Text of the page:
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November 21, 2015 / conservadox

Dvar Torah- Vay

This week’s Torah portion contains a rather infamous episode: Shechem (the son of a leader of a village) rapes* Dina (the only daughter of Yakov mentioned in the Torah) and some of Dina’s brothers (especially Levi and Shimon) respond by killing Shechem and all the males in his town, taking their women and children as slaves, and taking their cattle as well. (Gen. 34).

Arama’s comments on this episode are a bit retrograde.  He first admits that secular logic would condemn the acts of Levi and Shimon.  Then he goes on and on about how Jews are different because they “learn the word of G-d”- for example, the Akedah.   He writes that the “standards of ethical conduct for Jews are set on high for the Torah oriented personality.”  In particular, he writes that because “as a result of [not marrying Canaanites] their father had established a family all of whom were true to their heritage.  Rape of their only sister then was a public descecration of G-d’s name, in the face of which ordinary principles of human conduct did not apply any longer.  The brother’s deliberate flouting of all [ethical] rules of conduct was designed to impress the G-dly principles on which their lives were built, on the surrounding country.” (emphasis added).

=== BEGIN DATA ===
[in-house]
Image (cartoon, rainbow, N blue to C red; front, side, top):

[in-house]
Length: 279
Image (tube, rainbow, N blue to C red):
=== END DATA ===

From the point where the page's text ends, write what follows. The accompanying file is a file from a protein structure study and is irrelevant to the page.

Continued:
What is Arama trying to say here?  If he’s saying “we get to be less ethical because we have Torah” that’s obviously deranged.  The Akedah analogy is balderdash because there’s no Divine relevation telling the brothers to exterminate people.  If he’s saying that this impressed the surrounding country, this is obviously wrong because Yaakov tells his children that their conduct is making him “odious among the inhabitants of the land” (34:30).

But here’s what I think Arama might be getting at.  By pulling the chillul Hashem card maybe he’s saying that insulting their sister is an insult to tribal (and by implication Divine) honor.  In a “culture of honor” people get status by not being disrespected by others, and respond violently when they feel humiliated.  Honor cultures tend to be patriarchal and very violent, dominated by blood feuds rather than by law.  Arama is telling us that Yaakov’s world is still a culture of honor – and apparently (judging by his favorable reaction) 15th c. Spain was as well.

It seems to me that Sinai was the first step in throwing out the culture of honor; it didn’t eliminate blood feuds, but puts limits on the idea through concepts such as the city of refuge.  And Chazal, by creating a web of law, wipe the culture of honor out of the mainstream of Judaism.   But what I don’t get is: how is this idea worming its way back into Judaism hundreds of years after the Talmud?




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